Dark Horse Coffee Automat


We're excited to announce the launch of the Dark Horse Coffee Automat—Canada's first robotic café. In collaboration with Dark Horse Espresso Bar and RC Coffee, we designed a storefront which tells a playful, fictional history of the Dark Horse brand, finding its origins as a midcentury café in Toronto's Yorkville.


It was a really intriguing brief for us, as we’ve never experienced a fully automated, contactless coffee system before. We started to get a little nostalgic for some of our favourite old coffee shops—places like Cafe Valand in Sweden and Moka Cafe in Iceland. We love these warm and nostalgic places that never close and have a crew of familiar regulars. So, we started thinking about how we could play with this nostalgia while also introducing the robotic technology from RC Coffee.

Our goal was for people to walk by the cafe at night with the lights in the window glowing and stop for a moment to look inside, then realize that this isn’t a real coffee shop but an automated coffee kiosk. We thought that simply having the coffee kiosk by itself as an ATM, it would disappear on a busy downtown street—the diorama allowed us to create an atmosphere of authenticity and capture the spirit and quality of the coffee. We love the Nordic spirit for innovation, and even though this is a cheeky retro aesthetic, it lends itself to the optimism of the technology found at the coffee kiosk.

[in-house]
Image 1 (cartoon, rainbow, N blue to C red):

Oji Masanori's Diamond Pendant Lamp is suspended over a tea trolley designed for us by Studio Junction, with Drawn Chairs by Hvidt & Mølgaard. The wallpaper is one of our favourites, designed by Josef Frank for Svenskt Tenn.


Atop the tea trolley: vintage coffee cups designed by Stig Lindberg for Gustavsberg, an antique Danish teak bowl, and vase by Nils Thorsson for Royal Copenhagen.


The 53 Armchair by Finn Juhl sits against a wall clad in birch plywood, stained with Old Masters Wood Stain from Iowa.



A vintage table lamp by Esben Klint for Holmegaard Glassworks, next to a 1950s Swedish "Cobra" phone.



A first edition of MINKA sits on the lower shelf of the trolley.


The vending window is integrated into the façade of the building. The Automat arrives at pertinent time, offering a unique opportunity for urban place-making while navigating the current realities surrounding dining and café culture.